Poetry. Latinx Studies. California Interest. As Faulkner famously wrote, "The past is never dead. It's not even past." This is the theme running through Robert Eastwood's CANTATA ANGELENO, a composition of many voices all telling of Los Angeles' tragic racial past and present, of how events long ago still reverberate today. In the first section, set in the 1940s, he writes of the racism confronting all non-whites at the time: the Japanese, of course, and Blacks, but especially young Mexican-Americans. The sentiment of the time is chillingly familiar: "Keep them in ghettos / if not camps. Build a wall. Build a camp somewhere far. // Ship them home. Don't let more in. / They bring drugs, disease, rape, & murder! // Beat them down, cage them in, save us / from likes of traitorous THEM!" The central story recounts the injustice of the Sleepy Lagoon murder trial of Mexican-American men accused of killing José Díaz, tried before a notoriously racist Judge Charles Fricke, defended by celebrities like Orson Welles, convicted, jailed, ultimately acquitted, but never the same after. Eastwood also writes of the "Zoot-Suit Riots," of rampaging US Navy sailors attacking young Mexican-American men known for their distinctive, defiant style of dress; and of the everyday violence inflicted by police.
In the second section, Eastwood imagines descendants of the victims of these injustices, portraying how the consequences of the past shape present lives. Lupe, a niece of one of the Sleepy Lagoon accused, is inspired by learning that he had written poems while imprisoned, "in isolation & unfairness / meant I could write poems, weak & brown / as I am, a person of no consequence, imprisoned / with feelings, & it changed how I saw myself." More tragically, in the closing poem the son of another of the accused is himself murdered, senselessly, a coda expressing an intergenerational legacy of violence. Earlier in the book, there is a poem in which the murder victim José Díaz appears, saying "I'm dead & being dead / I reach for words with no tongue, / I vibrate with ghosts." Robert Eastwood's cantata vibrates with the voices of all of these ghosts, and he gives them, at last, words and a tongue with which they may speak them to us, imploring us to learn from the past, to make a better future.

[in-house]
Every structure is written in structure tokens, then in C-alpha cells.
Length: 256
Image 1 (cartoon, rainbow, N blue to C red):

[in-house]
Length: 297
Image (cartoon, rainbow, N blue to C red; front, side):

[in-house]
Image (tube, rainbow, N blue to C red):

Robert Eastwood has evolved, not just in the biological sense, but in the evolving of his heart and mind. He began a career in business, and although he was relatively successful for thirty-four years, he knew he wanted something else. He dabbled with art, but it was something to do with books. He became a teacher, he taught high- schoolers writing, but found it was the writing itself he wanted to do. At 60, when his four children were out of college, and away, making their own futures, he began to write and publish poems and short stories. Now, after 22 years, when he sees a not too distant horizon, he has published four books of poetry with reputable publishers, he has won prizes and recognition, and enjoys friendships with like-minded poets and writers. His works include CANTATA ANGELENO (Broadstone Books, 2021) and SNARE (Broadstone Books, 2016). Maybe evolution, as Alfred North Whitehead and Pierre Teilhard de Chardin suggested, is ineluctably upward. We are collaborators in creation.Author City: SAN RAMON, CA USA